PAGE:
We’re posting this Northern Monkshood, found on the westside flower garden bordering Lower Dewey lake above Skagway, Alaska this summer, even though we’ve not yet posted the more common western columbianum Monkshood. (more…)
Yakima is the name of a group or tribe of Native Americans who live in Washington state. (more…)
If you’re seeing larkspur now (early spring) in the Northwest, chances are that it’s this variety. Also called “Common Larkspur”. (more…)
Varying in color from white to yellow, this single-stemmed plant concentrates alkaloids from the soil, causing it to be poisonous to cattle in its later stages. Also known as Paleyellow Ragwort.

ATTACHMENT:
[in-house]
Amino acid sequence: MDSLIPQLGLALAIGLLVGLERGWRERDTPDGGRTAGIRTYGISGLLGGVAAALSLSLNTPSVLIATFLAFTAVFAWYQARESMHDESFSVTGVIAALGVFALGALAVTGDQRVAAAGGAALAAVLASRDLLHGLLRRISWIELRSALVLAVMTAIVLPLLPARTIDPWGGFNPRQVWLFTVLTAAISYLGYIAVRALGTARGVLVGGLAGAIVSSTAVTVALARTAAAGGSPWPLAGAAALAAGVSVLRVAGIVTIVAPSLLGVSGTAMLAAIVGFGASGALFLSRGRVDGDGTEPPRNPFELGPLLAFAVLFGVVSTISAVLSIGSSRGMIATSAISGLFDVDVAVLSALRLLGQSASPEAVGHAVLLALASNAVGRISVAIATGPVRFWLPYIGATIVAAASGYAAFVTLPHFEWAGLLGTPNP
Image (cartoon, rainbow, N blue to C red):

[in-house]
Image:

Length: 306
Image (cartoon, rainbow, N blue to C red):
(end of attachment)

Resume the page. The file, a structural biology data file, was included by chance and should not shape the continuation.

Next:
This member of the buttercup family is seen at all elevations across most of the the Northeast, North-central, and Western U.S. (more…)
The name refers to the bright red berries, not the flowers, which are white, as shown.
Although the plant is a common sight in northwest meadows, it can still be difficult to find in bloom. (more…)
The nickname comes from the flower head’s resemblance to the curled tuning head of a violin. The bristle-like hairs that cover this plant can irritate the skin. The tiny black nuts that are produced by each flower are said to be poisonous to cattle.